Want to know if video games cause kids to become violent? Ask those who’ve played and grown up.
It’s a daily feature on television right now, and the language is getting strong.
The “violent video game” debate goes back as far as 1976, where people were up in arms over Exidy’s Death Race and what it could do to the psyche of those who played it. Berzerk was targeted in 1981, said to make certain that young players would grow up to be violent people. Mortal Kombat is perhaps the most famous of the controversial games, setting forth a chat that resulted in Congressional hearings and the ESRB Ratings system.
And yet here we are again. It’s 2013 and every day since the horrible Sandy Hook events in December there has been someone in the mainstream media or behind a podium ripping into video games and using them as a scapegoat. From claims the Newtown, CT shooter gained a “false sense of courage” from Call of Duty to Ralph “Darth” Nader saying the video game industry is equal to “electronic child molesters” it seems there are no punches to be pulled by the pundits wanting to blame video games for the world’s ills.
So… where are the gamers in this chatter?
I simply don’t understand why people with no qualifications to speak on video games are the ones who get most of the airtime. I can’t go on television and give medical advice because I watched reruns of E/R or give legal counsel because I checked out Law & Order, yet this is what the “experts” on television do regarding video games every day right now.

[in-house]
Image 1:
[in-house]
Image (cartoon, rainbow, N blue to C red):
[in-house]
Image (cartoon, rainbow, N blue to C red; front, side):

This Saturday, the Carolina Games Summit is giving some balance to this as they allow myself and Rachel Lara to give the gamer’s point of view on this debate. It’s an exciting opportunity, but telling that the only way that the gamers can get equal time here is to create the platform themselves.
We are part of the generations of gamers who have grown up fine, despite claims this previous media would somehow corrupt us. There are tons of these people out there, including those who played the aforementioned Death Race and Berzerk.
What is it going to take for the media to realize these people are there to talk to? Want to know what becomes of those who grow up playing “violent” video games?